Good day Buon giorno bwohn JOUR-noh
Good evening Buona sera BWOH-nah SAIR-rah
Good night Buona notte BWOH-nah NOTE-tay
Goodbye Arrivederci ah-ree-vah-DAIR-chee
Excuse me (to get attention) Scusi SKOO-zee
Excuse me (to get past someone) Permesso pair-MEH-so
     
Where is? Dov'é doh-VAY
...the bathroom il bagno eel BHAN-yoh
...train station la ferroviaria lah fair-o-vee-YAR-ree-yah
to the right à destra ah DEH-strah
to the left à sinistra ah see-NEEST-trah
straight ahead avanti [or] diritto ah-VAHN-tee [or] dee-REE-toh
information informazione in-for-ma-tzee-OH-nay

Days, months, and other calendar items in Italian

English (inglese) Italian (italiano) Pro-nun-cee-YAY-shun
When is it open? Quando é aperto? KWAN-doh ay ah-PAIR-toh
When does it close? Quando si chiude? KWAN-doh see key-YOU-day
At what time... a che ora a kay O-rah
     
Yesterday ieri ee-YAIR-ee
Today oggi OH-jee
Tomorrow domani doh-MAHN-nee
Day after tomorrow dopo domani DOH-poh doh-MAHN-nee
     
a day un giorno oon je-YOR-no
Monday Lunedí loo-nay-DEE
Tuesday Martedí mar-tay-DEE
Wednesday Mercoledí mair-coh-lay-DEE
Thursday Giovedí jo-vay-DEE
Friday Venerdí ven-nair-DEE
Saturday Sabato SAH-baa-toh
Sunday Domenica doh-MEN-nee-ka
     
Mon-Sat Feriali fair-ee-YAHL-ee
Sun & holidays Festivi feh-STEE-vee
Daily Giornaliere joor-nahl-ee-YAIR-eh
     
a month una mese oon-ah MAY-zay
January gennaio jen-NAI-yo
February febbraio feh-BRI-yo
March marzo MAR-tzoh
April aprile ah-PREEL-ay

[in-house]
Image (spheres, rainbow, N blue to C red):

May maggio MAH-jee-oh
June giugno JEW-nyoh
July luglio LOO-lyoh
August agosto ah-GO-sto
September settembre set-TEM-bray
October ottobre oh-TOE-bray
November novembre no-VEM-bray
December dicembre de-CHEM-bray

Numbers in Italian

English (inglese) Italian (italiano) Pro-nun-cee-YAY-shun
1 uno OO-no
2 due DOO-way
3 tre tray
4 quattro KWAH-troh
5 cinque CHEEN-kway
6 sei say
7 sette SET-tay
8 otto OH-toh
9 nove NO-vay
10 dieci dee-YAY-chee
11 undici OON-dee-chee
12 dodici DOH-dee-chee
13 tredici TRAY-dee-chee
14 quattordici kwa-TOR-dee-chee
15 quindici KWEEN-dee-chee
16 sedici SAY-dee-chee
17 diciasette dee-chee-ya-SET-tay
18 diciotto dee-CHO-toh
19 diciannove dee-chee-ya-NO-vay
20 venti VENT-tee
21* vent'uno* vent-OO-no
22* venti due* VENT-tee DOO-way
23* venti tre* VENT-tee TRAY
30 trenta TRAYN-tah
40 quaranta kwa-RAHN-tah
50 cinquanta cheen-KWAN-tah
60 sessanta say-SAHN-tah
70 settanta seh-TAHN-tah
80 ottanta oh-TAHN-tah
90 novanta no-VAHN-tah
100 cento CHEN-toh
1,000 mille MEEL-lay
5,000 cinque milla CHEEN-kway MEEL-lah
10,000 dieci milla dee-YAY-chee MEEL-lah


* You can use this formula for all Italian ten-place numbers—so 31 is trent'uno, 32 is trenta due, 33 is trenta tre, etc. Note that—like uno (one), otto (eight) also starts with a vowel—all "-8" numbers are also abbreviated (vent'otto, trent'otto, etc.).